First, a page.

Some days Nora Nolan thinks that she and her husband, Charlie, lead a charmed life—except when there’s a crisis at work, a leak in the roof at home, or a problem with their twins at college. And why not? New York City was once Nora’s dream destination, and her clannish dead-end block has become a safe harbor, a tranquil village amid the urban craziness. The owners watch one another’s children grow up. They use the same handyman. They trade gossip and gripes, and they maneuver for the ultimate status symbol: a spot in the block’s small parking lot.
Then one morning, Nora returns from her run to discover that a terrible incident has shaken the neighborhood, and the enviable dead-end block turns into a potent symbol of a divided city. The fault lines begin to open: on the block, at Nora’s job, especially in her marriage. With an acute eye that captures the snap crackle of modern life, Anna Quindlen explores what it means to be a mother, a wife, and a woman at a moment of reckoning.
My Thoughts: Nora Nolan’s voice swept me along through Alternate Side, like a philosophical journey of life in New York City: a place composed of neighborhoods, marriages, and people moving on to other realities. The rhythm of Nora’s daily life felt like perfection…until it wasn’t.
How could street parking on alternate sides, with another option being a convenient parking lot, morph into a symbol of all that is wrong with the choices we make? Thoughts about the choices people make, like living in Manhattan vs. deciding on a suburban or alternate city kind of life, crept through the pages beautifully. The author’s prose captivated me, even as I felt drawn in by the situations in which the characters found themselves.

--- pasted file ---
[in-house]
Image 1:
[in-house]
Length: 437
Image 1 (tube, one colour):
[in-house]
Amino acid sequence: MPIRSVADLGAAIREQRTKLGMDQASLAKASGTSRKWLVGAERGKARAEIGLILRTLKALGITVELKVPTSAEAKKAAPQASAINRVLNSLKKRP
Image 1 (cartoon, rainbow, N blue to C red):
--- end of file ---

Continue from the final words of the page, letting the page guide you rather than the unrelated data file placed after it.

Quickly I couldn’t stand Nora’s husband Charlie, but then by the end, I just felt sorry for him. George was so annoying that I wanted to spit on him, but suddenly Jack Fisk earned most of my venom for his horrific actions.
I liked this quote about marriage: “The truth was that their marriages were like balloons: some went suddenly pop, but more often than not the air slowly leaked out until it was a sad, wrinkled little thing with no lift to it anymore.”
And so on and on, we looked at NY life in general: it moved along effortlessly, and then it transmogrified, turning into a renovation of a life that was built on the past. One character described Manhattan life as a city of the mind.
Could alternate realities rise out of what once was? This great story made me constantly think about life and about how we decide where to live and who we are. 5 stars.***My e-ARC came from the publisher via NetGalley